Some public universities have embraced it for their honors colleges:

Show me the money: New York Times ranks colleges on college access.

What do Vassar and Grinnell share in common with Harvard and Columbia? All are doing a lot to make opportunities available to the best and the brightest, regardless of your ability to pay. The New York Times has released a ranking list ranking of US colleges that have stepped up to be more inclusive to the poor and middle class. 

These colleges have changed policies and made compromises elsewhere to recruit the kind of talented poor students who have traditionally excelled in high school but not gone to top colleges. A surprising number of such students never graduate from any college.

The list may surprise:

  • 14 of the top 20 are liberal arts schools. 
  • 4 are women’s colleges
  • Only 3 ivies make the top 20. 
  • Only 1 public university makes the top 20 (go Tar Heals)

Will this ranking shame the likes of NYU (73), Wash U (92), Tufts (69), Chicago (55), Yale (44) to step up and make more access to the lowest income brackets? Will the Jesuits do some soul searching re their collective missions of social justice when (Boston Coll., Loyola (Md.), Santa Clara, Fairfield all operate in the bottom quartile; Georgetown is the highest ranking at 46th). 

See the whole list here

What is missing is the obvious question as to why it matters. Obviously if you are poor, going to college is certainly an amazing opportunity, especially if the colleges will make it financial viable. But what if you are well off? Diversity, so the chant goes, enriches us all. I am sure this list will get a lot of attention in the next few weeks. So for now, thank you Colleges for stepping up and helping the poor afford colleges.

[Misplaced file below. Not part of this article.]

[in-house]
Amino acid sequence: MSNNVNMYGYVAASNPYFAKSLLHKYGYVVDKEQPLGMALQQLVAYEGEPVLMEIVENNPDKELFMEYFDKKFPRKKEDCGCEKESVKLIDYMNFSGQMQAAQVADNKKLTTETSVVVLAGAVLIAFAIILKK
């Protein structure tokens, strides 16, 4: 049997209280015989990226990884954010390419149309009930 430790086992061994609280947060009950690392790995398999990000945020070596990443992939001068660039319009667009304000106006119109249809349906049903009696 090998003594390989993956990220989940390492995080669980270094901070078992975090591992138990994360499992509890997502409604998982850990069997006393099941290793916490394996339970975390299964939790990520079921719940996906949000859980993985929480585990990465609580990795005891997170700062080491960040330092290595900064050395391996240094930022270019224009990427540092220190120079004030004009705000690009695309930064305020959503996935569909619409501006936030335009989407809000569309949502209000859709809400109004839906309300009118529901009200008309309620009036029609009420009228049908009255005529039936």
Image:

The corruption of college admissions

As NACAC is set to deliberate on changing Statements of Principles of Good Practices to firmly straddle the line re using commission based agents (“We do not think it is a good idea, but since you are going to do it don’t let the agents take advantage of it and for heaven’s sake, don’t pay the high school counselor”), the media has been abuzz with many different articles focusing on the admission landscape. The articles range from cringe worthy to straight up corruption:

Boston Magazine pulls back the curtain to reveal how Northeastern “gamed” the system to improve their ranking from 162 in 1996 to 49 last year. Did they do anything wrong? unlike some other schools who cheated and lied to improve their rankings, Northeastern simply spent money–new dorms, more professors and meetings to press the flesh and impress other college leaders. 

Bloomberg BusinessWeek profiles Steven Ma, a former Hedge fund analyst turned college admission consultant, and his burgeoning business. He says he can get you into any school…or your money back. He claims to have cracked the code and can accurately predict the likelihood of admissions. He then offers to guarantee admissions. You tell him which college, he tells you a price. You pay. Your kid gets in, he keeps the money. Your kid does not get in, he gives the money back. Of course he is earning interest on your money in the months or even years in between. 

Another person ever so willing to take your money is Eunice Park, who tells how she has been ghost writing student application essays. She shows no remorse as she pens:

I’m a black market college admissions essay writer, and over the last three years I’ve written over 350 fraudulent essays for wealthy Chinese exchange students. Although my clients have varied from earnest do-gooders to factory tycoon’s daughters who communicate primarily through emojis, they all have one thing in common: They’re unable to write meaningful sentences.

She prostitutes her experiences for $400 a pop. 

Anthony Green tutors kids on the SAT for an enormous fee. $1000 an hour. On Skype. And you have to pay for 14 90 minute sessions. Apparently he has to turn away people.